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I have cleaned the clock carefully with a soft brush and a little water and it is looking much better - still looks old and good but not pristine. The new suspension has arrived and while not identical, it is very close to the original. However, I have a problem, when the pendulum swings it tends to oscillate and it seems that this oscillation means that because it is not swinging truly that it stops swinging after 5 or 10 minutes. Having studied the fitting, it appears that the problem is that the hole at the top of the suspension through which the pin goes to connect it to the mechanism is much larger than the original thereby allowing the suspension to move significantly on the pin when the pendulum swings. I can try and find another suspension but I gather suspensions for old french clocks are difficult to find. I do not want to alter anything on the original clock and I wonder if anyone has met this same problem and found a solution.
Tim
 

JTD

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I am not sure if you mean the size of the hole in the top of the suspension spring or the hole in the chops in which the suspension spring hangs. But you could try using a thicker pin.

Having said that, I am not truly convinced that this is the cause of your oscillating pendulum. It might be, but it would help if you could post a video showing both the suspension (at the top) and the oscillating pendulum.

JTD
 

timbo19

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Thanks - it is the hole in the top of the suspension spring itself and not the holes in the chops. The chop holes are smaller than the suspension hole. To use a thicker pin I would need to drill the chop holes - not something I want to do.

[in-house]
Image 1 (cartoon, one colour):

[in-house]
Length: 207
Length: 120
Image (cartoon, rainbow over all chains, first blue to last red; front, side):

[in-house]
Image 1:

I will send a video of the suspension and oscillating pendulum later to day
Tim
 

timbo19

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JTD - our internet has been down so unable to send video - but we have it now for a while.. However, when I re-assembled the suspension I found that the pin holding the suspension in the chop was tapered - I changed it for a straight pin and now the clock works well. The tapered pin must have been enough to make the pedulum oscillate when swinging.
Only one, I hope, remaining problem and that is that the clock is running slow and I guess this is because the new suspension dimensions are not exactly the same as the original but very close and has made the pendulum a little longer. I cannot turn the adjustment screw any further to make the pendulum shorter. I am trying reducing the weight of the pendulum by removing some of the shot in the base container of the pendulum. Do you have any other ideas of how to shorten the length? Many thanks
Tim
 

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shutterbug

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Perhaps this would be better served in the repair forum. You might try posting the repair questions over there.
 

timbo19

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Thanks 'shutterbug' for suggestion - I will add a question on to repair forum
Tim